Indeed, this hints at one of the core ingredients of making a great Aliens game. Aliens may be framed as an action film, but more specifically it’s a siege movie. After the initial recon of Hadley’s Hope and the first attack by the xenomorphs, the remainder of the film sees the Marines battening down the hatches. They’re sealing doors, setting up security turrets and examining blueprints for potential access points the aliens could utilise. Above all, they’re trying to figure out a way to escape and stay alive long enough to do so.

A great Aliens game, therefore, must incorporate these elements and place them at the forefront of the design. As an example, the broader premise might resemble something like this. Instead of levels that players progress through linearly, you’re instead given the task of reconning and then securing a facility that’s gone dark. Once this is done, you then must hold it for long enough for you to be able to complete overarching objective, whether that’s rescue, demolition, or something else, and ultimately escape.

This structure achieves two things. First, it gives the game a much broader suite of mechanics to adopt from the film, from using things like blowtorches to seal doors and turrets to establish a defensive perimeter, to using the facility’s computer system to bring up blueprints, and access the power grid, door locking mechanisms, etc. There are other elements from the film you could potentially add in too, like using the APC as a mobile defence base, and incorporating the xenomorph’s tendency to capture rather than kill its prey, forcing players to choose whether to attempt to rescue or abandon captive squadmates.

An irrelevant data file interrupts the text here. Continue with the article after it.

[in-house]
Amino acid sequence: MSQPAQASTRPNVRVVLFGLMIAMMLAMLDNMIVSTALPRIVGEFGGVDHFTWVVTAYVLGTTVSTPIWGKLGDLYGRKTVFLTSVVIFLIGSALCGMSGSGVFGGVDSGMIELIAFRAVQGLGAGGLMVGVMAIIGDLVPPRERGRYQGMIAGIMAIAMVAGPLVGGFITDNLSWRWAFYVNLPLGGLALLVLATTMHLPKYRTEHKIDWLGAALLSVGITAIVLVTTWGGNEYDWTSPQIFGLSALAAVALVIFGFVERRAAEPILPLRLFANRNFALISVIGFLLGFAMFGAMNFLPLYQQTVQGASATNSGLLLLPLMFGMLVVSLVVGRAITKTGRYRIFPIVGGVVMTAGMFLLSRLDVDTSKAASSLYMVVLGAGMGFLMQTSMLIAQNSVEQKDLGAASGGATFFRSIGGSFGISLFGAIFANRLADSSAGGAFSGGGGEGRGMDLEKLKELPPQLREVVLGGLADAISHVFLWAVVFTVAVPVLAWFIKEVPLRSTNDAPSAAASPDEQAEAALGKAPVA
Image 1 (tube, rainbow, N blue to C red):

Second, it puts the emphasis of your activity squarely on the defensive. Now, you’re not wading through hordes of xenomorphs like a smartgun-wielding DoomGuy. Instead, you’re desperately scrambling to stay alive against an enemy that’s superior to you in every way. What’s needed, essentially, is a reverse-FPS, with you falling back to different defensive points over the course of a mission. Whenever the xenomorphs appear in force, the only direction players should be moving in is backwards.

If this sounds like I could have summarised this with the words “Tower defence”, I don’t entirely disagree. However, my point here is not “Aliens would be best served as a tower defence game.” The point is that any game based on Aliens, or indeed any film or book or whatever, should build itself around the core themes and ideas of the film, rather than trying to stretch them across an existing template.

If you look at other tie-ins, like Batman: Arkham Asylum and Chronicles of Riddick: Escape from Butcher Bay, both those games build all of their systems around the title character, rather than forcing them into a platformer or a kart-racer or whatever. To make a great Aliens game, therefore, you need to build it from the xenomorph out. That’s what Isolation did, and the result was one of the best horror games of all time. And that’s what Fireteam or any other Aliens game must do to be truly representative of the film our medium owes so much to.